“How are we going to win this fight?” he said. “There was no real opposition in Lansing, and the Republicans know that.”
DiSano, the Lansing-area Democratic consultant, said he was stunned by the party’s outward passivity.
“This is the kind of stuff where you shut down the chamber, you walk out, you don’t give people quorums,” he said. “There seems to be a series of tactics that (Democrats) feel are beneath them. Effective or not, it’s better than just letting (Republicans) back the truck over you again and again.”
Democrats’ muted public response even baffled a prominent Republican consultant.
“I’d be out doing at least the remaining editorial boards and I’d be very active on social media, probably with more of a campaign approach,” said John Truscott, CEO of Lansing-based public relations firm Truscott Rossman and longtime press secretary to former Republican Gov. John Engler.
“In the old days, you certainly wouldn’t see people roll over. It would be a really aggressive fight.”
Don’t poke the elephant
But insiders insist there is a rationale for the restraint.
Incoming Democrats are keeping a low profile because, with two weeks remaining in lame duck, they don’t want to provoke Republicans into introducing and passing additional bills before it’s over. Gongwer News Service, also citing sources, reported last week that one reason Whitmer has not yet released the names of potential appointees may be to prevent Republicans from hampering their offices with preemptive bills.
Political consultants, current and former legislative leaders, Democratic activists and academic experts also said the approach may be part of a broader plan to brand Dems as the party of reason and compromise.
They contend that Democrats are striking the right tone in staying above the fray, giving consideration to their political capital and the fact that Democrats’ protests may not resonate with term-limited Republicans trying to leave Lansing on good terms with the GOP.
“I’m sure (Whitmer’s) finding it distasteful,” said Ken Sikkema, a Republican former Senate majority leader, who said he sympathizes with the challenges now faced by Democrats. (Disclosure: Sikkema has served as a consultant to The Center for Michigan, which includes Bridge Magazine.)
“But for her to take a different path, to have a press conference every day protesting, I’m not sure it helps her in any way, shape or form,” Sikkema said. “It might make her look ineffective.”
Howard Schweber, a professor of political science at the University of Wisconsin-Madison, said Democrats’ strategy could be part of a nationwide Democratic plan to market themselves to voters as “the grownup in the room.”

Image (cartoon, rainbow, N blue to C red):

“Let the Republican Party become the side associated with shrill, conspiratorial, rabble-rousing politics,” Schweber said. “I think it might be a very smart strategy.”
“The best way to respond to the accusation of being a mob is not to show up with torches screaming,” he said.
No doubt, Democrats are poised to file legal challenges to the most controversial bills going through the Legislature. If that’s the case, Schweber said, they may not want to reveal their legal arguments when there’s little hope of defeating the bills legislatively.
The almighty veto
Play polite, work behind the scenes, fight for a veto. These strategies suggest that in the short term, Democrats may be pinning their hopes on the one man who can determine whether these bills live or die.
Gov. Snyder, a Republican, has vetoed some aggressive Republican measures in the past, while signing others, including controversial right-to-work legislation during his first term in office. Snyder has not definitively said which bills, if any, he will veto as he exits office.
Leading Democrats are eager to cast Snyder’s choices as legacy-defining.
“If he lives by what he says he is, this person who just wants to do things for Michigan, it’s not about partisan politics, then he will … veto these bills if they get to his desk,” Senate Minority Leader Jim Ananich, D-Flint, told Bridge. “He should be telling them, ‘I don’t want these bills on my desk. If they are, I will veto them.’
“He’s shown no courage over the last eight years,” Ananich said, “but if he shows some now, that’s what his legacy can be part of. If it’s not, it’ll be the guy that poisoned my town.”
Snyder spokesman Ari Adler said the governor will weigh bills that affect the authority of different branches of government as if he were still going to be in office come January.
“He won’t look at the bills based on who is in the Governor’s Office or which party they represent,” Adler wrote via email. “He will look at them in terms of what the policy will mean for Michigan and its residents as a whole.”
None of which is giving Michigan’s minority party much room for optimism.
“It’s sad to me that this, it’s all coming down to Democrats counting on a Republican governor,” Bucholz said. “I certainly wouldn’t be counting on a veto from this guy.”
Bridge managing editor Joel Kurth, senior writer Ron French and reporter Jim Malewitz contributed to this report.